Tolerance to amphetamines occurs quickly. In an attempt to sustain the high that results from amphetamine use, users often begin taking more of the drug than they should. They then find themselves unable to stop on their own. The process can last days or weeks. Besides feeling intense cravings for the drug, longtime users who attempt to kick their habit experience other unpleasant effects. These include extreme anxiety, abdominal pain, shortness of breath, vivid or unpleasant dreams, fever, decreased energy, and depression. Even "long after the withdrawal period, past users may experience urgings and cravings," added Murray. Addiction experts consider behavioral therapy and emotional support essential for the successful treatment and rehabilitation of amphetamine abusers.
Amphetamines can be extremely toxic. When uppers are "used without medical supervision, they are potentially dangerous, even for first-time users," warned Murray. People who are high on amphetamines are more likely to take chances and engage in riskier behavior than they would if they were not high. This increases the danger of becoming infected with HIV (the human immunodeficiency virus), which can lead to AIDS (acquired immunodeficiency syndrome), either through unsafe sex or by sharing needles.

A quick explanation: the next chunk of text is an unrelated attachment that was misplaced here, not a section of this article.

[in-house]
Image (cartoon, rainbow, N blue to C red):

Drug abuse among young people is associated with early sexual activity, increased involvement in criminal activities, and higher
school dropout rates. Amphetamine users often take other drugs along with uppers. This can increase the likelihood of becoming involved in accidents. It can also contribute to the development of physical, mental, and emotional problems, including high rates of infection, , depression, and suicidal tendencies.
Infants born to mothers dependent on amphetamines have an increased risk of premature delivery and low birth weight. The infants may actually experience symptoms of drug withdrawal. Mothers taking the drug should not breast-feed their babies, since amphetamine is excreted in human milk. A number of studies using rodents as test animals indicate that women should not take amphetamines at all when pregnant.